Iraqi refugee’s survival story

Marvin Cohen with supporter Cely Malki Benchoem. Photo: Shane Desiatnik.

IT took eight painful years for Jewish Iraqi refugee, Perth resident Marvin Cohen, to complete a book giving testimony of his family’s tragic persecution in Iraq under ruthless dictator Saddam Hussein, and his own remarkable survival story.

He told The AJN last week – before speaking about My Salvation: The Remarkable Story of an Iraqi Refugee, at Bondi Mizrachi Synagogue in Sydney – that it’s never been more important for people to learn about the plight of Jewish refugees in Arab lands.

“For Jewish people, but also for non-Jewish people, because they only know one thing of what’s happening in the Middle East and Israel – about the Palestinians. They don’t know about the Jews that were living in Arab countries for thousands of years – and what happened to them.

“And my story, in Iraq, is recent – it happened in the ’80s and ’90s.

“My parents, my siblings, were persecuted and killed for no other reason than they were Jewish. Iraq wanted to wipe us out from history. Even the graves they destroyed.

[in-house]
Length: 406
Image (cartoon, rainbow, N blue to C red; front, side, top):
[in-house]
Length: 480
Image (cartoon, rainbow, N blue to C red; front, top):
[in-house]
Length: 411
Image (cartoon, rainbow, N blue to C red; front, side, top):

“Because they couldn’t attack Israel, they used to attack Jews in Iraq who couldn’t defend themselves. Since Saddam’s death, it’s worse.”

Cohen was born in 1974 in Zakho, Iraq, and his paternal ancestry there dates back to Babylonian times.

After the Farhud Jewish massacre in June 1941, Iraq’s Jews suffered increasing anti-Semitism and attempts at ethnic cleansing. Between 1949 and 1951, 104,000 fled to the Jewish State, but a ban on Jewish emigration in 1952 trapped Iraq’s remaining Jews.

Cohen’s book explains how in 1983, aged nine, he and his father were jailed for four years, falsely accused of acting as spies. Within the next seven years, three of his brothers were tortured and killed, his father was butchered and Cohen witnessed his mother being dragged to her death.

After escaping during a second prison sentence, he managed to cross the Syrian border by foot. His journey to Australia took almost 10 years, via Turkey, Hungary and Austria.

When he arrived at Perth airport in 1999, he was promptly sent to a detention centre before gaining a refugee visa and being embraced by Perth’s Jewish community.

“The end of my book is a happy one – I have managed to survive and keep my faith and Jewish heritage – I could not live without it.

“I go every Friday to Dianella Shul in Perth and have made many friends – they are now my family.

“I want Australian Jews to take with them from my story an appreciation of what they have – the freedom to practise their faith.”

To order My Salvation, transcribed by Andrew Blitz, contact Cely Malki Benchoam on 0414 242 524 or [email protected].